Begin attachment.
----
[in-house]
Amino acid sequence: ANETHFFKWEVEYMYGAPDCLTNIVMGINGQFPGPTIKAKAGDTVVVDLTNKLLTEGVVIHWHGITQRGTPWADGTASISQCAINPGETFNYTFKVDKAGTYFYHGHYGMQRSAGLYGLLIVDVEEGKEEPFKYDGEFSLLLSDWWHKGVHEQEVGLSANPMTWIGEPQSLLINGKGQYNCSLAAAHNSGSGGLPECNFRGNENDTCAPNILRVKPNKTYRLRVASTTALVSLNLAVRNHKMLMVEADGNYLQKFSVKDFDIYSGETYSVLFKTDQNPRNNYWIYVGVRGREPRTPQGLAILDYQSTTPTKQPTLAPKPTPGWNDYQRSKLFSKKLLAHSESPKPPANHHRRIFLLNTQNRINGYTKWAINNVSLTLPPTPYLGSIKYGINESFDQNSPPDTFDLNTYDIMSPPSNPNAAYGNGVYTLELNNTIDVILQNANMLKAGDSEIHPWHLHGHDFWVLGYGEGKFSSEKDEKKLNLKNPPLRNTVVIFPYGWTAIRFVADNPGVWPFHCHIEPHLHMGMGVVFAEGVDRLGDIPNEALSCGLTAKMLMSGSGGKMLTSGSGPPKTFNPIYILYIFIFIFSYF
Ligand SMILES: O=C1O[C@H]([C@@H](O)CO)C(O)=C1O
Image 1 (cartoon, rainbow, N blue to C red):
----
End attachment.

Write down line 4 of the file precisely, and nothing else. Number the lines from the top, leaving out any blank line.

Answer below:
Image 1 (cartoon, rainbow, N blue to C red):